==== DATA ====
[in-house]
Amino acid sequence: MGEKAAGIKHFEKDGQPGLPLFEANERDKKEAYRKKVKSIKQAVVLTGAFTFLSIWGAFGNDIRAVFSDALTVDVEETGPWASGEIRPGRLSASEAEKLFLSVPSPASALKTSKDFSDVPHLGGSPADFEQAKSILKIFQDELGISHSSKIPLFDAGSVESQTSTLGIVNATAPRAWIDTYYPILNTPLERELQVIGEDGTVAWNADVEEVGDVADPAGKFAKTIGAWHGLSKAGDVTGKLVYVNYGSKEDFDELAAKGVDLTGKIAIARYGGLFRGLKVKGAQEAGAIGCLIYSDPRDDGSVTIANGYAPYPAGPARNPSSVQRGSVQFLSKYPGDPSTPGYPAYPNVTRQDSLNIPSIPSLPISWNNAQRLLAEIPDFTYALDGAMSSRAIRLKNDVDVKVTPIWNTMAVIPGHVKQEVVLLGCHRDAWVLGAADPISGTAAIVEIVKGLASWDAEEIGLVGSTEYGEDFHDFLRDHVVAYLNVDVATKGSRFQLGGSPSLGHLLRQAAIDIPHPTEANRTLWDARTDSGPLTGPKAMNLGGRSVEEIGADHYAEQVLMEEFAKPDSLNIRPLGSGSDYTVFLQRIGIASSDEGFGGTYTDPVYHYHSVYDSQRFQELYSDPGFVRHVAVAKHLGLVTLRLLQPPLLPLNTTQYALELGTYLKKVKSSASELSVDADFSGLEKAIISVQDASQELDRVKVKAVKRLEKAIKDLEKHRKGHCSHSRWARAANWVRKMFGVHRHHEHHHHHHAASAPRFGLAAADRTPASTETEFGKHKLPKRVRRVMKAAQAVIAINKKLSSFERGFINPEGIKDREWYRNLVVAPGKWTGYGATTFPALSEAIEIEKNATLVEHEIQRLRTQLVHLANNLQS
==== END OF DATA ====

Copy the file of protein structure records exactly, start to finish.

[in-house]
Amino acid sequence: MGEKAAGIKHFEKDGQPGLPLFEANERDKKEAYRKKVKSIKQAVVLTGAFTFLSIWGAFGNDIRAVFSDALTVDVEETGPWASGEIRPGRLSASEAEKLFLSVPSPASALKTSKDFSDVPHLGGSPADFEQAKSILKIFQDELGISHSSKIPLFDAGSVESQTSTLGIVNATAPRAWIDTYYPILNTPLERELQVIGEDGTVAWNADVEEVGDVADPAGKFAKTIGAWHGLSKAGDVTGKLVYVNYGSKEDFDELAAKGVDLTGKIAIARYGGLFRGLKVKGAQEAGAIGCLIYSDPRDDGSVTIANGYAPYPAGPARNPSSVQRGSVQFLSKYPGDPSTPGYPAYPNVTRQDSLNIPSIPSLPISWNNAQRLLAEIPDFTYALDGAMSSRAIRLKNDVDVKVTPIWNTMAVIPGHVKQEVVLLGCHRDAWVLGAADPISGTAAIVEIVKGLASWDAEEIGLVGSTEYGEDFHDFLRDHVVAYLNVDVATKGSRFQLGGSPSLGHLLRQAAIDIPHPTEANRTLWDARTDSGPLTGPKAMNLGGRSVEEIGADHYAEQVLMEEFAKPDSLNIRPLGSGSDYTVFLQRIGIASSDEGFGGTYTDPVYHYHSVYDSQRFQELYSDPGFVRHVAVAKHLGLVTLRLLQPPLLPLNTTQYALELGTYLKKVKSSASELSVDADFSGLEKAIISVQDASQELDRVKVKAVKRLEKAIKDLEKHRKGHCSHSRWARAANWVRKMFGVHRHHEHHHHHHAASAPRFGLAAADRTPASTETEFGKHKLPKRVRRVMKAAQAVIAINKKLSSFERGFINPEGIKDREWYRNLVVAPGKWTGYGATTFPALSEAIEIEKNATLVEHEIQRLRTQLVHLANNLQS